Amazon and retail competitors racing to match its speed need to stage their wares closer to population centers in order to make good on promises of one-day or even two-hour deliveries of online orders.

“We don’t comment on prospective tenants,” Zygler said, adding that without marketing the property, the company has received interest from several companies.

“We are evaluating multiple locations, including the Desimone Oxbow,” said Aaron Toso, a spokesman for Amazon. “We take environmental issues very seriously and will include these issues in our site evaluations.”

Zygler said the redevelopment plan requires environmental restoration work, including the removal of impervious surfaces and debris, extending native plantings 100 feet from the water’s edge, stormwater improvements and a publicly accessible walking trail.


“We are going to be restoring and improving the entire shoreline abutting the property,” Zygler said, adding, “It’s good for Tukwila and it’s good for the wildlife.”

Salmon advocates wish it could be even better. Despite the project advancing toward construction next summer, some are hoping the redevelopment could be altered to use more of the property for salmon habitat.

“We have to have places for fish to stay a while and grow and slowly change, it is a big biological change, and there are not very many areas left that are large where we can do something like this,” said Dennis Robertson, a Tukwila city councilman who also represents the city on the local fish and habitat restoration consortium called WRIA 9.

The longer baby salmon can have to make that transition, feed and grow, the more likely they will survive to return in a few years to the river to spawn as adults — or become a meal for an orca in marine waters.

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Robertson said the development as currently envisioned meets land-use codes. “It is their legal right. But if I put on my other salmon restoration hat, representing the city on WRIA 9, this is such a missed opportunity,” he said.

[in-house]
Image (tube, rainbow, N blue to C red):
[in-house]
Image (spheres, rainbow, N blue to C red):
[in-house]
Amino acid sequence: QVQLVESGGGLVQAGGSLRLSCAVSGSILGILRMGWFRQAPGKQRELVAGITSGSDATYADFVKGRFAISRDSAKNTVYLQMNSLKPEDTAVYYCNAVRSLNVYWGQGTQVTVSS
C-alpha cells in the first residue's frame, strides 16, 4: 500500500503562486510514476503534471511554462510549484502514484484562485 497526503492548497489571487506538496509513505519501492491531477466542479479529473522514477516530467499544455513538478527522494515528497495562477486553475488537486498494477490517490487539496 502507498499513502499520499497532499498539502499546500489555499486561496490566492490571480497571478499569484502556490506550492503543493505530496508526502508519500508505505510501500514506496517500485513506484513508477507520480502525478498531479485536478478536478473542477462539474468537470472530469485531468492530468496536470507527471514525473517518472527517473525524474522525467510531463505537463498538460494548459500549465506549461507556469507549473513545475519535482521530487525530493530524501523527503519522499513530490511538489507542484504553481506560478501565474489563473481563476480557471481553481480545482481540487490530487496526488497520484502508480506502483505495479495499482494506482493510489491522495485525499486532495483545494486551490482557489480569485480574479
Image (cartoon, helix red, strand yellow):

Joe Desimone III said his family has no intention of selling the land, and instead sought a long-term land lease with a developer to generate revenue for the next generation of the family.


The family, he added, has done a lot for the community over the last 20 years. His grandfather Giuseppe “Joe” Desimone, a stowaway from Naples, Italy, came to Seattle’s South Park neighborhood in 1899, growing food for the city during another period of rapid population growth.

“He had great faith in the land, so when he got enough money, he bought one more acre at a time,” Desimone III said. By 1941, he had progressed from selling his produce at Pike Place Market to becoming its president and majority stockholder.

Desimone played an important role in keeping Boeing in Seattle during World War II, his grandson said, selling the expanding company several acres of his land for $1. Boeing opened its Plant No. 2 on the property, building B-17 bombers for the war effort.

The new warehouse also would create jobs in the local community — 325 to 425, according to the permit application — and more revenue for the city, he added.

He said he was not willing to entertain new plans for the property, and so far, none from environmental groups have materialized. WRIA 9 failed to get funding from the state Legislature to acquire the property in 2018.

“We are too far down the road; I don’t want anything to upset the apple cart at this point,” Desimone III said.


Josh Baldi, division director for King County Land and Water Resources, said the county hopes to work with the city to change that, and create a new vision for the oxbow land, not only for the warehouse development as planned, but for fish, too.

“This is one of the last best chances on the Duwamish,” he said. “These decisions that are made set the course of the river for the next generation.”

James Rasmussen, a Duwamish tribal elder who also runs the Superfund cleanup program for the Duwamish Cleanup Coalition/Technical Advisory Group, said the property offers a chance to make a bit of the river more like it used to be.

“This is on the river. What is the best use for this land? To build another warehouse, or for habitat to maintain a run of salmon,” he said. “That is the decision that we have.”